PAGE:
Noem not ready to make call on 2014Congresswoman says she still has time to decide if she will run for Senate or House.
By: Tom Lawrence, The Daily Republic
U.S. Rep. Kristi Noem isn’t throwing her hat into the ring in a bid for the Senate in 2014, but she’s not bowing out, either.
“I’m certainly not making any decisions right now,” Noem told The Daily Republic Thursday. “I just haven’t made any decisions.”
Former Gov. Mike Rounds has announced his intentions to seek the Republican nomination for the seat now held by U.S. Sen. Tim Johnson.
Rounds hinted at a run for months before making it official shortly after the November election.
Noem claimed a second seat in the House in that election, and has so far declined to reveal if she will run for a third term, or if she will consider challenging Rounds in the GOP primary.
She agreed Thursday it is unusual to have so many high-profile South Dakota politicians mentioned as possible candidates in a race.
In addition to Johnson, Rounds and herself, former Congresswoman Stephanie Herseth Sandlin, who lost to Noem in 2010, is believed to be considering a run for the Senate or House seat she held for almost seven years. Johnson’s son, U.S. Attorney Brendan Johnson, is widely seen as a potential candidate by South Dakota Democrats.
Johnson, who is nearing the end of his third term in the Senate, has said he will announce this spring if he will run again.
The 66-year-old Democrat, who served 10 years in the House before moving to the Senate, is still impacted from a brain bleed he suffered on Dec. 13, 2006, but said he remains alert and fully capable of serving in the Senate. His speech and mobility, however, have been reduced.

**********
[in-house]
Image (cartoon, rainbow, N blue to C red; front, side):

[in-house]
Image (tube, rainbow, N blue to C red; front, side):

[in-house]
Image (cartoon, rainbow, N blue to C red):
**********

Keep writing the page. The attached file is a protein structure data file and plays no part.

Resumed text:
Herseth Sandlin considered a rematch against Noem in 2012, but dropped out of the race in late 2011. Matt Varilek, a Johnson staffer, was the Democratic candidate, and was defeated 57 to 43 percent by Noem.
Noem said she will not make an announcement in the near future. She said she has time to make a decision on her future, and besides, she just won a race for Congress.
Noem said she has no idea if Johnson will run for a fourth term, but she may ask him when she sees him next week during a meeting to discuss the future of the Veterans Affairs facility in Hot Springs.
The Republican from rural Castlewood said she has to work on numerous issues, including a new farm bill, an automatic reduction in federal spending known as “sequestration” and other issues.
The House Agriculture Committee held its first meeting Wednesday. Getting a new farm bill hammered out and passed is her main focus right now.
“I think it’s critically important that it be our No. 1 priority,” Noem said. “We need a five-year bill.”
She returned to Washington late Monday night, and missed the inaugural festivities as President Obama was sworn in for a second term.
Noem, 41, said she worked at the concession stand during her son Booker’s basketball tournament last weekend. He had several cousins playing in the tourney, she said, and other relatives worked as referees, coaches and in other capacities.
Spending time at home means more to her than being at formal events or the inaugural parties, Noem said.
“We’re a very close family,” she said. “I got back into Washington about 11 p.m., so I saw them coming back from their parties.”